The last nine kilometres were marked at half-kilometre intervals, so we amused ourselves by timing our progress. We found we were doing a shade under 6 kms/hr and taking less than 1300 steps per kilometres. It passed the time.
The track ended abruptly in the streets of Castres, leaving us to guess our way into the centre. We got there about
On our side the great square with its fine solid buildings looked more recent.
We took a table under the arcades for our second coffee break, and watched while the weekly market packed up. This was almost entertaining enough to make up for the price of €8.50 for two coffees.
As as the trucks and their impossibly long trailers pulled out, they left drifts of rubbish everywhere, mostly fruit boxes and discarded produce. This was immediately set upon by scavengers who scuttled in to take a sack of potatoes, a melon, or a pile of boxes. Then the forces of cleanliness moved in.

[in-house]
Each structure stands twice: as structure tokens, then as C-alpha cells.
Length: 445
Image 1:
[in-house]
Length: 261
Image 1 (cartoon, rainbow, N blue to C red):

Men with brooms, men with hoses, men on street-sweepers, men with gloves throwing the rubbish into compactor trucks. Tanker trucks hurtled in to spray water and in half an hour the place was immaculate. The cafés moved their tables and umbrellas out and life returned to normal.
Across the river was a row of mediaeval cottages that lined the water like a poor man’s Venice, and behind that, a maze of lanes.
Somewhere amongst them was the birthplace of Jean Jaurès, the first leader of the French Socialist Party and a committed pacifist, who was trying to head off the slide into what became World War 1 when he was assassinated in a Paris café in July 1914. He remains a hero of the left and there is hardly a town in France (especially in the south) that does not have a street or a square named after him.
At the Office of Tourism over the bridge, we found out that there was a river ferry that could take us to the camping ground but we preferred to walk, as it was not far (1.5kms) and there was a cycle path some of the way.
We were so much into the swing of walking that any other means of locomotion seemed out of the question. However it was a hot walk. High on the crest of a hump-backed footbridge we saw a plaque marking the top of the 1996 flood, defying belief.
Nobody was in the office at the camping ground, but we went in and searched around for an emplacement. All of them were appallingly grim, dusty and bare.